Stooping to pick up the bundle that contained her used supper dishes, he made a noise deep in his throat that sounded something between a grumble and a growl. If he intended to take her with him, he would have to find a horse for her and some shoes. Having taken her from her bed, she was barefoot with nothing heavier than a cotton dress to protect her from the elements. He would have to find a way to obtain her belongings from the inn. The sprained ankle made the horse a necessity. Of course, she could ride double with him, but he was afraid he would find that a touch too distracting, especially for the journey he had a feeling he was soon to undertake. As it was, he had difficulty pushing the image of her dark amber eyes and shining black hair out of his mind. Having her on the same horse with him would be a disaster. He would get a second horse.

Or he could let her go, just leave her in the cellar to her fate. Kaldir thought about it as he walked back through the darkness toward the inn. That would be the simplest solution, the obvious thing to do, that is if he did not go ahead with his original plan and kill her already. Her hobbit friend would no doubt find her well before she managed to starve to death. Mrs. Banks seemed like the determined type. Nonetheless, he found himself continuing to waver over what to do with Miss Nightshade.

Approaching the inn, he slowed his steps. He was growing annoyed with himself for his own indecision. The problem was that he felt a connection to Benia, as thought she had something to do with him on a fundamental level. He wasn’t sure what that something might be, but, if he were to destroy her, he would never know.

He would get a second horse. He would return Cook’s dishes to the inn, settle his accounts, and then seek out Cobhan Tupper, the local gypsy horse-trader, and negotiate or threaten him into a decent price on a passable mount for the girl. Stopping just outside the inn grounds, Kaldir gave his head a quick shake, as though trying to clear the cobwebs from his mind. The whole situation was crazy. He should just go back to the cellar and do the deed. When she was gone, that would be the end of it. No more haunting images of smooth brown skin and long-lashed eyes. She would be nothing more than a commodity in a bag, to be turned in for a price. Finally, he nodded to himself but the expression in his pale eyes was bitter and hard.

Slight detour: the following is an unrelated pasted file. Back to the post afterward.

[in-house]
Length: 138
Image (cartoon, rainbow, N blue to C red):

Pushing the thought of Benia out of his mind, Kaldir stepped forward into the inn’s yard. The grove of trees that lay on the far side of the inn from where he stood reminded him of his more pressing concerns. First of all, there was Vanwe, the young elf lady upon whose head lay a substantial price, placed on her by the Haradwraith village that had been foolish enough to lose her, the daughter of Naiore Dannan. He had almost managed to capture her several times earlier in the day, but each time found himself waiting, instead, for a more opportune moment. She was impulsive and quick, but clearly frightened of her own shadow. He could use that fear against her, but really didn’t think he would need to. She had a tendency to bolt suddenly out of rooms where there was the relative safety of other people to go off by herself, where she became - for him - a sitting duck. He was confident that it was just a matter of time before Vanwe joined Miss Nightshade in her cellar prison. Or, rather, took her place. Then, soon after, he could begin the long journey south to return Miss Vanwe to her village.